We caught up with Dean Nguyen, Co Founder of KADA, a knowledge platform which helps people that work with data, to talk about his trip to the Australian Landing Pad based in the vibrant city of Tel Aviv situated on Israel’s Mediterranean coast.
The Aussie Landing Pad was launched in 2013 and opens doors for market-ready startups by giving them access to global market and Israeli innovation ecosystem through successful entrepreneurs, corporations and investors.
Dean says during their time in Tel Aviv, they were guided around the city by Tel Aviv native and Landing Pad Manager Omri Wislizki, who is passionate about sharing the history and culture of the place.
1. Tel Aviv has an incredible startup scene
“Tel Aviv is an incredible place. The other founders and I debated what it reminded us of and we ended up agreeing it was unlike anything we’ve experienced before,” says Dean.
He says the city was awesome in the way it is filled with so many different perspectives, ideas and people, with 5,000+ startups in a country a third of Tasmania.
Tel Aviv has an international reputation for its thriving startup ecosystem with many of its Founders known for creating multiple successful enterprises. Startups like Arbe Robotics who is developing radar technology to help cars view the environment in any weather or light conditions, or Corephotonics who are creating the world’s slimmest zoom dual camera, or Knowmail who are working on a personalised AI engine that studies your work habits and helps you to focus and save time.
2. Culture of collaboration
Dean says, “I think the Israelis are not complacent, especially in the way they push boundaries.”
“The Sydney and Tel Aviv startup ecosystem have similarities but Tel Aviv does it on another level. It’s scaled and supported incredible well by founders, companies, government and VC’s.”
In 2015, James Packer commented: “The IT sector in Israel has emerged as a hub for innovation and start-ups in technology-related services. Israel now has the highest startups per capita in the world and this will provide major opportunities in the future.”
Talking about Australia, Dean says, “We’re a lot more conservative about who we talk to, how much we share, how much we collaborate with each other.”
Dean explains that in Tel Aviv they, “They treat failure and success as they same thing – lessons. And they share these lessons openly which was amazing for use.”
“It’s hyper connected. So, you can imagine it’s like Stone & Chalk, but that same feeling felt throughout the entire city of 417,000 people. That’s what Tel Aviv is like.”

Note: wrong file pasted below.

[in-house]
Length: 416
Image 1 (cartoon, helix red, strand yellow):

3. You will learn things about your own startup
Dean says that he saw a whole new perspective on the sharing of ideas in a way that embraces knowledge from others, something which is super beneficial for startups in the same space.He says he was able to tap into knowledge from both Founders from NSW working in AI and machine-learning who are further along in their journey and also learn from the inspirational entrepreneurs he met in Tel Aviv.Dean was able to pick their brains and ask how they had built their companies and about some of the struggles they faced along the way.
By exploring these areas, he was then able to think more deeply about KADA’s relationship with data.
“Data eclipses the ability for most companies to handle,” he explains.
In layman’s terms, “The rate of growth for data is exponential, and we’re collecting more and more data every minute,” says Dean.
He believes that KADA exists because as data grows, the need to scale knowledge about that data across people, teams and the organisation is becoming a necessity.
“Knowledge about data is valuable IP that is often lost. It needs to be recorded, tracked, managed and proactively grown”, Dean says.
“I think we’re now moving into a world where it’s no longer about collecting a lot of data, it’s about how you use that data for various purposes.”
The power of data, he says, is being able to use it to answer the right questions.
4. There are awesome events and sites to see in Tel Aviv
During his time at the Australian Landing Pad, the group was able to attend Tel Aviv University Conference on Innovation and hear from a range of speakers, including a panel of Founders who spoke of the tenacity and resilience they developed whilst taking their product to market.Their group also had an opportunity to visit the Holocaust Museum in Jerusalem, allowing them to gain a deeper understanding of Israel’s complex history of its people and place, as well as its impact on modern Israel.
Talking about the trip, “I think it was an amazing program run by the Australian Government, and I would encourage everyone to be a part of it, if it’s applicable to them.”
“I think we’ll definitely be back to Tel Aviv, there’s just so much to learn, and so much to be able to contribute as part of that,” he says.
Overall, Dean explains that the most significant benefits are not immediate, but in the future, you might look back and realise decisions you made were influenced by that trip to the buzzing city of Tel Aviv.
If you would like to know more about KADA and the work they’re doing, click here.